You habitually take on extra responsibilities, often going above and beyond, to meet others' expectations. This can mean volunteering to organize a charity event and ending up doing all the work because you want it to be perfect for everyone.

14. Difficulty Making Decisions
You have trouble making decisions, fearing they might displease someone, leading to indecision. An example might be struggling to choose a vacation destination because you're worried it won't satisfy everyone in the family.

15. Feeling Guilty for Self-Care
You feel guilty when you prioritise self-care or say no to others, seeing it as selfish. This could involve skipping your own self-care activities to help a friend, and then feeling guilty for neglecting your own well-being.

16. Desiring Universal Likability
You believe that being liked and accepted by everyone is essential, and you strive for universal approval. This might mean agreeing to attend social events even if they don't interest you, driven by the desire to be liked by everyone.

17. Mirroring Others' Behavior
You frequently mirror the behaviour and interests of those you're with to fit in and gain acceptance. For example, adopting the slang and habits of your new group of friends, even if they don't align with your true personality.

18. Struggling to Identify Your Desires
You have difficulty identifying your own desires, passions, or values separate from others' influences. An example might involve being unable to answer when someone asks about your hobbies because you've adopted your partner's interests as your own.

19. Experiencing Stress and Burnout
You often experience stress, anxiety, or burnout due to the constant pressure of people-pleasing. This could include feeling overwhelmed by commitments and responsibilities, leading to anxiety and exhaustion.

20. Difficulty Asserting Your Needs
You find it challenging to assert your own needs and preferences in relationships and situations. For instance, not speaking up when your friend consistently chooses the restaurant without considering your preferences, leading to unmet needs and frustration.


The Modern-Day People-Pleaser

In today's world, people-pleasing takes on various forms, with each individual exhibiting their unique set of traits. However, the journey to change begins once these traits are identified and acknowledged.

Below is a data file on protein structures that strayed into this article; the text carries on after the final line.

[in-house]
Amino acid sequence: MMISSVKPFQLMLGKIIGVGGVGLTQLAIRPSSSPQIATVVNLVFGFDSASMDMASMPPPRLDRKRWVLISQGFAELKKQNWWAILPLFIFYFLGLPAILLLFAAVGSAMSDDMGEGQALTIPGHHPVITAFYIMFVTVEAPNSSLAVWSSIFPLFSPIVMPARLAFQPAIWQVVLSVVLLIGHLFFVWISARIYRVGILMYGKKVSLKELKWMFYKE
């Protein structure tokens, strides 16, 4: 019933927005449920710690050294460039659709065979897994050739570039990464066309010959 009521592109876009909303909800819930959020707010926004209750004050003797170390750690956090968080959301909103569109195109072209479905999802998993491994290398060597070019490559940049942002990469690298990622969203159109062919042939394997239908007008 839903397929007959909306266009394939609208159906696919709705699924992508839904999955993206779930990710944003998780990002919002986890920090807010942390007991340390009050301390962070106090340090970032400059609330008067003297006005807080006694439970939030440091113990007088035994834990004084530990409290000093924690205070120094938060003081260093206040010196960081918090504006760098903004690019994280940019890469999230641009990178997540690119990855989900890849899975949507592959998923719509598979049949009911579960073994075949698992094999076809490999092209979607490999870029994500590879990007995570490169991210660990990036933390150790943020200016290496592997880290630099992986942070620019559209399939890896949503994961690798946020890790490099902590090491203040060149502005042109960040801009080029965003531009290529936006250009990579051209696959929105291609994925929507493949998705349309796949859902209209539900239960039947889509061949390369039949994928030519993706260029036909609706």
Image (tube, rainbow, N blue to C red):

The Dangers of Being a People Pleaser Today

Being a chronic people pleaser can have severe consequences on your well-being and relationships. Here are the dangers you need to be aware of:

1. Loss of Self-Identity:
When you prioritize others' needs above your own for an extended period, you risk losing sight of who you truly are. It's like wearing a mask so often that you forget your own face. You might find it difficult to identify what genuinely brings you happiness, your passions, and your dreams.

2. Strained Relationships:
People pleasing often results in unequal and strained relationships. When you constantly cater to the desires of others, you inadvertently place them on a pedestal, diminishing your own worth in the process. This inequality can erode the foundations of healthy connections.

3. Neglecting Self-Care:
People pleasers frequently neglect self-care and their own needs. You might skip meals, lose sleep, or forget to engage in activities that nurture your well-being because you're too busy attending to others.

4. Inability to Enjoy the Present:
Constantly monitoring and attending to others' needs can make it challenging to be present in the moment. It's like being on high alert, always ready to jump in and save the day. This prevents you from fully enjoying life's simple pleasures.

5. Persistent Stress and Anxiety:
The overwhelming pressure to please everyone can lead to chronic stress and anxiety. This perpetual state of arousal can make it difficult to relax and unwind, affecting your mental and physical health.

6. Hidden Resentment and Passive-Aggression:
Bottling up your emotions, especially feelings of frustration and anger, can result in passive-aggressive behaviour. Instead of addressing issues directly, you may resort to subtle and indirect ways of expressing your dissatisfaction.

7. Decision-Making Challenges:
Self-doubt often plagues people pleasers, making it hard to make decisions. You may second-guess yourself, seeking external validation instead of trusting your instincts.

8. Unhealthy Relationships:
Chronic people-pleasing can lead to imbalanced and unhealthy relationships. When you consistently put others' needs first, it can attract individuals who take advantage of your selflessness.

9. Communication Breakdown:
The habit of people-pleasing can cause communication breakdowns. Instead of expressing your thoughts and emotions openly, you may withdraw inwardly, fearing that your true feelings will upset or disappoint others.

Understanding these dangers is the first step toward breaking free from the cycle of people pleasing and reclaiming your life and self-worth.